'Leaving Neverland' Part 1 Review: Michael Jackson HBO Documentary
By: Steve Pulaski
It was only a matter of time before a documentary like Leaving Neverland was made. The sexual abuse allegations against Michael Jackson are widely known, but even after they were extensively reported, and resulted in settlements out-of-court, Jackson's death in June 2009 seemed to erase the cloud of suspicion that had left a stain on the fabric of his legacy. Topics regarding Jackson's acts of child molestation transitioned to examining his influence, undeniably elaborate dance-moves, and how his dozens of memorable songs had worked to transform pop music.
But Leaving Neverland gives shape and context to that swirling tornado of information that are the abuse allegations, and two men have bravely come forward to share their stories in a heart-pounding, deeply uncomfortable documentary.
Shown at Sundance in its entirety before being sold to HBO and split into two 120-minute parts for television, Leaving Neverland focuses on Wade Robson and James Safechuck, two men who share their stories of their relationship with Michael Jackson in vivid detail. The specifics of their accounts are aided by their surviving family members and artifacts in the form of archival footage, letters, photos, and memorabilia they obtained from their time spent with Jackson as young boys. Their accounts, too, work to humanize a global superstar who had probably more power than any one human being ever should, not to mention the subsequent influence on society and media that helped keep stories like these from ever being told at his expense.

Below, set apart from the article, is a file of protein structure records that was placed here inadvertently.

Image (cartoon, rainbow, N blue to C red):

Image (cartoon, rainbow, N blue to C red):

Robson and Safechuck were both young, sensitive Australian boys when they more-or-less fell onto the career-path of working alongside Michael Jackson. Robson became infatuated with Jackson at a young age, watching tapes of his music videos before seeking to embody his spirit by dressing up like the King of Pop. He was permitted to perform at a Michael Jackson dance competition at the age of five, and left such an impression on Jackson's media people, and the crowd, that he was awarded the grand prize of meeting Jackson and attending his concert. Similarly, Safechuck began working in commercials around the same time, most famously starring in an early Pepsi ad with Michael Jackson, and was intoxicated by his spirit — but not as much as Jackson was in love with his. You wish the documentary would end after about 20 minutes and there was no more for the men to say, save for illustrating the total impossibility it was for them to meet such an iconic star when they were barely of school-age.
But unfortunately, there's more, and the details Wade and James describe are graphic and gut-wrenching. James states how Jackson introduced him to masturbation, and how, for pleasure, he would pull apart his butt-cheeks while Jackson pleasured himself on the bed beside him. Eventually, that gave way to oral sex and other illicit behaviors in various presidential suites across the country. What's more horrifying is how the men's stories mirror in certain instances, such as how their parents' hotel rooms would get further and further away from the rooms in which Jackson and their sons would stay, and how practicing the art of not getting caught was integral to their time together.